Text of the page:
The instructions were brought to Glenlyon by Captain Thomas Drummond, yet another Lowlander. His company was one of the two already stationed in Glencoe, but although senior to Captain Robert Campbell of Glenlyon he was not given command of the operation.

Care was taken to ensure Glenlyon would carry full responsibility for the planned massacre.

Duncanson did not appear at five, or even shortly after. It was not until seven o’ clock, two hours later, that he began his march along the shores of Loch Leven to the mouth of Glencoe, by which time the whole ghastly business was largely over, as he knew it would be.

Even Lieutenant Colonel Hamilton, commanding officer of the Argyll regiment, advancing from Fort William with Garrison Commander Hill’s regiment to block off the eastern exit from Glencoe, did not appear until late in the day, although this was perhaps owing less to design than delays caused by bad weather.

Glenlyon acted on cue. But from beginning to end he botched the whole affair.

The southern passes were not blocked, allowing most of the people to escape. Similarly, the killings began with gunfire, alerting people up and down the valley.

Maciain was one of the first to die, butchered by a party led by two Lowland officers, Lieutenant Lindsay and Ensign Lundie.

In all some thirty-eight people were murdered, men mostly, but also some women and children.

Many escaped across the snowbound passes, including John and Alasdair, the fox’s cubs. .

Glenlyon was moved to mercy on two occasions: but both young men were promptly murdered by Drummond.

The stock was rounded up and driven off, after which a terrible silence descended on Glencoe.

Captain Robert Campbell of Glenlyon left, pursued by his own personal demons. In Edinburgh some time after, he was seen drunkenly defending his actions.

True to form, the Garrison Commander Hill at Fort William immediately claimed credit for the massacre, saying that he had ruined Glencoe.

However, after the search for scapegoats began, he was just as quick to distance himself, making the usual defence that he was only obeying orders.

Dalrymple was only ever to express regret that the matter had been so badly handled.

King William cared little for the growing mood of outrage in Scotland.

He judged the effects of the massacre not by the impact it had on Scottish public opinion, but how effective it had been in ending Highland resistance to his rule.

And, as a piece of political terrorism, it enjoyed quick but short term success.

 

William and mary

 

 

 

8 July 1695: Survivors Petition Parliament.

This is a petition presented to his majesty’s high commissioner and the estates of parliament by John McDonald of Glencoe, for himself and in name of Alexander McDonald of Achatrichatan and the poor remnant left of that family, showing that it being then evident to the conviction of the nation how inhumanely as well as unchristianly the deceased Alexander McDonald of Glencoe, the deceased John McDonald of Achatriechatan and too many more of the petitioner’s unfortunate family were murdered and butchered in February, 1692, against the laws of nature and nations, the laws of hospitality and the public faith, by a band of men quartered amongst them, pretending peace though they perpetrated the grossest cruelty under his majesty’s authority.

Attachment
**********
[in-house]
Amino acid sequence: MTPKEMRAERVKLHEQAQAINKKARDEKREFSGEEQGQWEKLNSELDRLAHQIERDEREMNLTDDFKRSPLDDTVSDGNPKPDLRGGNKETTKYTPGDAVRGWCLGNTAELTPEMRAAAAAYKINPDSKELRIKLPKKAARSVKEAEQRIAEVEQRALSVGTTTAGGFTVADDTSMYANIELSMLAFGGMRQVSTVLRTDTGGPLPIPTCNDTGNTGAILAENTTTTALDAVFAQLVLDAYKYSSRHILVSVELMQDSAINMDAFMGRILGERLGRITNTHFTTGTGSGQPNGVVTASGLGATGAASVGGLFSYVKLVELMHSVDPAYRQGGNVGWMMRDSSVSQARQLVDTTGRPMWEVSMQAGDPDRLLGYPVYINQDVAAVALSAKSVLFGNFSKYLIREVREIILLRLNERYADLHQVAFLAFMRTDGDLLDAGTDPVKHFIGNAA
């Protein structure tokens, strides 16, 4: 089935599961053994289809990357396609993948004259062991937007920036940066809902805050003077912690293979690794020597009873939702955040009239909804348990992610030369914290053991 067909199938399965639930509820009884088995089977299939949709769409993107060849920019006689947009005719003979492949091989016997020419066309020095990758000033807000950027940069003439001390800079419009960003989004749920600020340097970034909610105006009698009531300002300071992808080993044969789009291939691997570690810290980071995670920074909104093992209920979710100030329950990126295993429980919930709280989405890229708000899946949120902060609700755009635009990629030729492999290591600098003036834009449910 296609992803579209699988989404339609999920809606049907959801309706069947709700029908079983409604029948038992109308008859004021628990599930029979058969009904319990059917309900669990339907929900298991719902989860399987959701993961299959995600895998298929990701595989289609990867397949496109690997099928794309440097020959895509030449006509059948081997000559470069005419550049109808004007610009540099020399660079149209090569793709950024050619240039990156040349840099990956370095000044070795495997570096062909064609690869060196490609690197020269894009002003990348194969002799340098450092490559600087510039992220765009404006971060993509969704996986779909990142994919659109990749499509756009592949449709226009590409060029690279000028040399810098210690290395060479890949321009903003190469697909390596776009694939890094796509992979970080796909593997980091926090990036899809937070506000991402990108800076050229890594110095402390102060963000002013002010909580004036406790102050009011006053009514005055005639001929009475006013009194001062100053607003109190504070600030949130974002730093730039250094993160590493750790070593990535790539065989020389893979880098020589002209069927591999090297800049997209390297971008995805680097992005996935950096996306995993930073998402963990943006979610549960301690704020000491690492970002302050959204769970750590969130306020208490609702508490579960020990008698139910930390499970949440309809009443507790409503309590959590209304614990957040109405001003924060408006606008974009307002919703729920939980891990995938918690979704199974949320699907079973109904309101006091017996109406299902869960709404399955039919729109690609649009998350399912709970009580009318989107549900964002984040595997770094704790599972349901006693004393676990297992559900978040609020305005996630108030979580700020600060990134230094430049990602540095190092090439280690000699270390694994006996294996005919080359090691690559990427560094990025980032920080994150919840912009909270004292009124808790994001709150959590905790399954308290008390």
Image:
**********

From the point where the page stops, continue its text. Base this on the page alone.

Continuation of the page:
And seeing the evidence taken by the right honourable the lords and other members of the commission, which his majesty was most graciously pleased to grant for inquiring into that affair, has cleared to the parliament that after committing the aforesaid massacre the poor petitioners were most ravenously plundered of all that was necessary for the sustaining of their lives and all of their clothing, money, houses and food, all burned, destroyed or taken away, that the soldiers did drive away over five hundred horses, fourteen or fifteen hundred cows and many more sheep and goats, and that it was a proper occasion for his majesty and the estates assembled in parliament to give a full vindication of their justice and freeing the public from the least imputation which may be cast thereon by foreign enemies, on the account of so unexplained an action, and that it is worthy of that honour and justice which his majesty and said estates have been pleased to show to the world with relation to that affair, to relieve the necessity of the poor petitioners, and to save them and their exposed widows and orphans from starving, and all the misery of the extreme poverty forced upon them were inevitably liable, unless his majesty and said estates provide them a remedy.

And therefore, most humbly begging that his grace and the said estates would from the principles of humanity to their petitioners sad circumstances, as well as that of honour and justice, ordain such relief and redress to the petitioners as in their wisdom should be found most fit.

 

King William in his Finery

 

 

 

Whatever Happened to the Killers of Glencoe?

Three years after the massacre the king was forced by the Scottish parliament to agree that a “Commission of Inquiry” be set up.